Salem for History Buffs

Oregon’s second largest city and state capital offers a lush setting alongside the Willamette River with rich sightseeing for history buffs. Once called Chemeketa by the Native Americans who lived here, Salem is believed to have been inhabited for over 10,000 years. It wasn’t until 1840 that the first American Settlement was established and 1851 that Salem became the territorial capital. So if history is your thing, you’ll be sure to love these top cultural institutions in Salem.

Capitol Building

Built in art deco style in 1938, the Oregon State Capitol covers three city blocks and includes Willson and Capitol parks. Incredible artwork can be seen throughout the exterior of the building by sculptor Leo Friedlander, including depictions of Meriwether Lewis, William Clark, and Sacagawea, with a map of their expedition’s route on the reverse and another of pioneers and a covered wagon, with a map of the Oregon Trail.

capitol building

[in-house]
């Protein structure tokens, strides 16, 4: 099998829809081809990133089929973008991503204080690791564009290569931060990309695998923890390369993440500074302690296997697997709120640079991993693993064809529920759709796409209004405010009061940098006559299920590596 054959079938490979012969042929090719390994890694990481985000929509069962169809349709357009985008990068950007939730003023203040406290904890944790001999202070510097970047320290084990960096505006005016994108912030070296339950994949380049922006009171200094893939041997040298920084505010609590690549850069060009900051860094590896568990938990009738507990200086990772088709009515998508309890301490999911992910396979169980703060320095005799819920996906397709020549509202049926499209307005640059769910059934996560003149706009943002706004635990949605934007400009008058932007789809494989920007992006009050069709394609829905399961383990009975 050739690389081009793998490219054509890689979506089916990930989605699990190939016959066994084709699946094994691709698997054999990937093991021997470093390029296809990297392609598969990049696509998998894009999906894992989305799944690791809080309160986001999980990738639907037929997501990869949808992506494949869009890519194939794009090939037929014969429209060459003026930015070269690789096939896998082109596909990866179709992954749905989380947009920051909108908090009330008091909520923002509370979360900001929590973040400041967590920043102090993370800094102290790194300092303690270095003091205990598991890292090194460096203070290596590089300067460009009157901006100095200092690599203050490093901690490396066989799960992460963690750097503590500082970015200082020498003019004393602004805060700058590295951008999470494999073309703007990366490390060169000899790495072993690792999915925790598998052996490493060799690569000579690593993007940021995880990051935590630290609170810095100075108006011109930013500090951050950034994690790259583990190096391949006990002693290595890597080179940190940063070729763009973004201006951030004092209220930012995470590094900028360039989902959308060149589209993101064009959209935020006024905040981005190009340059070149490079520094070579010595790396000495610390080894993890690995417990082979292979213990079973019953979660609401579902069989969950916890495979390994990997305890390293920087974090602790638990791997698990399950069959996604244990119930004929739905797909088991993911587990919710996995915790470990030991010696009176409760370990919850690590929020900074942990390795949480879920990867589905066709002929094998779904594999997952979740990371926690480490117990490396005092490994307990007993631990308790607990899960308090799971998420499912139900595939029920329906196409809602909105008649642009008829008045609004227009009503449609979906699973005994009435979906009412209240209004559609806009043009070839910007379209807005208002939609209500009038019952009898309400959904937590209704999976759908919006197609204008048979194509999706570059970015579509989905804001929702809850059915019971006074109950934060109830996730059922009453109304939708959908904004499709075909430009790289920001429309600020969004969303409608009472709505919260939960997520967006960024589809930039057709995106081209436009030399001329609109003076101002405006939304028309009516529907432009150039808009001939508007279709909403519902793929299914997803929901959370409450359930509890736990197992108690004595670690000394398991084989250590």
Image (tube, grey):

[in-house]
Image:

Live Theatre

Salem is renowned for its live theater, most especially at Elsinore Theatre, a historic landmark featuring recitals, concerts, films, and plays. Elsinore Theatre also has the largest working pipe organ on the west coast, a keepsake from its days as a venue for silent films in the early days of cinema.

Other productions can be seen at the Reed Opera House by Salem Repertory Theatre and the Pentacle Theatre, established in 1954.


Salem’s downtown area is home to the Mission Mill Museum, five-acre site featuring a working woolen mill and Hallie Ford Museum of Art, housing collections of both art and historical artifacts with a focus on Oregon related pieces of art and artists.

Just for kids, the A.C. Gilbert’s Discovery Village offers interactive exhibits in the sciences, arts and humanities.

Have a unique interest in machinery and power equipment? Visit Antique Powerland, a novel heritage site built for power equipment like farm machinery, trucks, trains, construction equipment and their engines.